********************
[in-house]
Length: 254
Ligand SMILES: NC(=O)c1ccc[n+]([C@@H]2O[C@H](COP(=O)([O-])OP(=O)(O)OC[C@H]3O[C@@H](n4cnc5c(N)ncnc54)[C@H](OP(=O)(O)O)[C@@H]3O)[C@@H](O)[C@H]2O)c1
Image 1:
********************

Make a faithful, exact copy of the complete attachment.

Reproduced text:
[in-house]
Length: 254
Ligand SMILES: NC(=O)c1ccc[n+]([C@@H]2O[C@H](COP(=O)([O-])OP(=O)(O)OC[C@H]3O[C@@H](n4cnc5c(N)ncnc54)[C@H](OP(=O)(O)O)[C@@H]3O)[C@@H](O)[C@H]2O)c1
Image 1: